Environment secretary Owen Paterson said the Government could not afford to fund “superfluous” energy-from-waste projects.
Responding to a grilling from MPs at an inquiry by the Environment, Food and Rural Affairs Committee, Paterson argued that the Government had already invested a “very substantial amount of public money” in waste projects.
His comments came after Norfolk County Council was informed that an offer of PFI funding for an incinerator at King’s Lynn had been taken back. The decision was based on revised Defra figures revealing the UK was on course to meet its landfill targets for 2020.
The MPs were concerned that funding was withdrawn “at such a late stage” from three major projects at Merseyside, North Yorkshire and Bradford and Calderdale. The Chartered Institution of Wastes Management also expressed concern to MRW, calling it an example of “extremely poor government process” - see below for full reaction.
Paterson said: “We have clear commitments to meet European targets on reducing waste to landfill and I’m pleased to say we’ve done extremely well on this. A number of these projects were superfluous to us meeting that target, some of them had gone over the legal requirements, and we are under pressure as a department.
“We have spent a large amount of money, around £3.5bn on 28 different projects – it’s not that we’ve held back. We have done enough to meet those European targets, and under the pressure the department’s under financially, if some of the projects have got past their time or out of kilter legally, we have decided to withdraw.”
Despite committee members questioning the “parlous” state of local government finance, Paterson said the projects could continue without PFI funding and that local authorities had their own sources of finance. “Merseyside is going to go ahead without us, so it is possible,” he said.
He added that it was up to councils to decide how to proceed: “There are other ways of dealing with waste without these incineration schemes. We can’t micro-manage every single local authority.”
CIWM response - chief executive Steve Lee
We fully understand the current pressures on departmental budgets, but Owen Paterson’s defence of Defra’s PFI withdrawal gives us cause for concern on a number of fronts.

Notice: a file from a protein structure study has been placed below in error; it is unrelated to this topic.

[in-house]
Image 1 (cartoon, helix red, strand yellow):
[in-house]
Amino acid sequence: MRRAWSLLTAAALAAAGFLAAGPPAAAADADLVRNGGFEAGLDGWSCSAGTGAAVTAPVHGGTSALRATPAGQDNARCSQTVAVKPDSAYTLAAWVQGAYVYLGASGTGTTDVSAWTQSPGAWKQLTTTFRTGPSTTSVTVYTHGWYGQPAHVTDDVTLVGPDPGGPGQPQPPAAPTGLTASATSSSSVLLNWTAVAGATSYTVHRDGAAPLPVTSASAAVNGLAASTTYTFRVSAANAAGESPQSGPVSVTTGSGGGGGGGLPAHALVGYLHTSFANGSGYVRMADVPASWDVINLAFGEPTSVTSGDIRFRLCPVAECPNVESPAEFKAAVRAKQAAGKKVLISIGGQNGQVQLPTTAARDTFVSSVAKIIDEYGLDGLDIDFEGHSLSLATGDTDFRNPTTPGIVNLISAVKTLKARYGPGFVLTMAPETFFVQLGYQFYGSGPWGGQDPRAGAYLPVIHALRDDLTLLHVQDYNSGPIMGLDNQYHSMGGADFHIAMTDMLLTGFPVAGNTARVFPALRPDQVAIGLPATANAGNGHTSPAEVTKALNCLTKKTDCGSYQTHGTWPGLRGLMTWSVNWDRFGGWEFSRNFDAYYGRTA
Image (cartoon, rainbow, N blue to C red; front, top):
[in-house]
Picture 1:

The Government is not only relying on data and assumptions that have already been called into question to assert that the UK will meet its existing 2020 obligations, it is ignoring the fact that the current EU waste review is likely to result in higher targets. And in aiming for bare minimum compliance for municipal waste, which is disappointing in itself, it has spared no thought for commercial and industrial waste. Our latest research has identified the risk of a potential treatment infrastructure gap for C&I waste of up to 15 million tonnes/year by 2020.
This is an example of extremely poor government process. Similar to the seven projects refused credit in 2010, the local authorities involved were clearly taken by surprise by the decision, despite Defra’s ongoing involvement in all three projects. PFI is a complex and costly process and the sudden withdrawal of funding potentially wasted years of work, not to mention taxpayers’ and bidders’ money. Creating confusion and uncertainty around major, long term infrastructure projects also damages investor confidence in an industry that already faces challenges in attracting the necessary funding.
These were all significant projects designed to provide long term solutions for the diversion of household waste from landfill. Moving forward, we cannot have a government that takes such a short term approach to this type of nationally strategic infrastructure.